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The Department of Health reports the first case of West Nile Virus



The first case of West Nile Virus reported this season, after a man in the 1960s was hospitalized.

The Massachusetts Department of Public Health said the affected man lives in Middlesex County.

"We haven't seen much West Nile virus activity this year," said Public Health Commissioner Monica Bharel. "Today's news is still a convincing reminder that we all need to continue to take steps to protect ourselves and our families from mosquito bites."

The risk of West Nile virus infection in humans is still low in the state, she said.

The virus is spread through mosquito bites. Most people infected with the virus have no symptoms and some may experience fever and flu-like symptoms. In rare cases, it can cause a more serious illness and people over 50 are at a higher risk of becoming seriously ill, she said.

In 201

8, 49 people were identified as being infected with viruses, Bharel said.

This year, the bigger problem has been Eastern Equine Encephalitis, which is also spread by mosquitoes and can cause much more serious illnesses and can be fatal. This year, seven cases have been reported in Massachusetts, including a 5-year-old girl in Sudbury and a 60-year-old in Northborough.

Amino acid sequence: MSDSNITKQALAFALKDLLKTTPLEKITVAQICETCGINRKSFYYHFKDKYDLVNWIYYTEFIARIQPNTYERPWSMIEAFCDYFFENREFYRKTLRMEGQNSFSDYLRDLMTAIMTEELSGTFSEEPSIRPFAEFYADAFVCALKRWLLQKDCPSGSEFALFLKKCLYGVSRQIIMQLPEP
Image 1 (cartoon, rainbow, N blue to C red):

"While Massachusetts sees a very active season for another mosquito-borne disease, Eastern Equine Encephalitis, this is the first human case of (West Nile Virus)," said state epidemiologist Dr. Catherine Brown. "We strongly recommend personal precautions to reduce the risk of any mosquito-borne disease."

On August 29, a horse in Granby was also infected with the EEE virus. The department has now confirmed that this horse was stable in Connecticut. As a result, the cities of Granby, Belchertown, Ludlow, Chicopee, South Hadley have all been reduced to moderate risk.

Other communities including Framingham, Marlborough, Northborough and Sudbury are listed as having a critical risk and Berlin, Boylston, Hudson, Maynard, Stow and Wayland are considered high risk.

Officials advise people to avoid being outside dusk until dawn because they are high bite time for many mosquitoes.

Several high schools have rescheduled night football matches and other sporting events because of the risk and the spraying has occurred in some communities with a critical risk.

People are also recommended to use mosquito repellent with DEET and to wear long pants, long sleeves and socks when traveling outdoors, especially at dusk.

Residents are also urged to drain any standing water to prevent mosquitoes from breeding. They should also repair all screens to keep mosquitoes at home.


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